There are many aspects of my husband's schedule that are wearing on me. But the most challenging part, by far, has to be that we are suffering from "The Third Wheel" syndrome. And if you're a sometimes single mom, then you probably know exactly what I mean.

For the most part, he's home a couple of times a week for dinner and bedtime, and then the entire weekend, where he generally does stuff around the house that I don't usually do anyway. Like mow the lawn, watch golf. (Ha.)

And the deeper we get into this schedule, the more I feel as though we are two separate entities: The four of us. And him. Or versus him.

I hate to admit this, but I feel more and more like he's a complete outsider, and that it's more work than a relief when he's home.

Take dinner, for example, when he'll do everything from ask the kids if they want bread with their hamburgers (which I know doesn't sound like a big deal, but the kids never ever EVER have bread with their hamburgers because when they do, they take it off and eat it and not the actual burger) to discussing how flies sit on poop and trash right after a fly just landed on their dinner, therefore rendering the entire meal almost pointless. That pretty much equals his latest discussion about how ticks suck your blood and pass on diseases, just after we found one attached to our son.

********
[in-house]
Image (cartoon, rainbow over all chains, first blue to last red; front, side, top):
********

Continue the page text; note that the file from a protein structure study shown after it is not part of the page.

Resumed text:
I know this is probably a "dad" thing or a "guy" thing or something of that nature, but it bugs me when I spend so much of my time being aware and in tune with what to say and what not to say that he comes home and just acts like the awkward third wheel who's on a date with you and has absolutely no business being there.

I realize he's got work to deal with. And important things to remember other than that the kids don't need bread on their hamburgers.

But so do I.

And it's becoming unavoidably frustrating to have to mess with our somewhat perfect little system. Granted, it's definitely got its kinks. We're not always in sync, and there are times when we could all use a break from each other. But for the most part, it works.

The worst part is that the kids know this.

Now, I don't purposely promote any sort of "us against him" mentality in them. In fact, I spend a lot of energy trying to sing his praises and make sure that he's integrated back into our lives as seamlessly as possible. "It's hard for Daddy," I tell them. "He's away and so he's not used to how we do things," I remind them. Constantly.

But it's draining me. It's draining our relationship. And I honestly have no idea what to do.

Any suggestions?

 

Image via Kiwinz/Flickr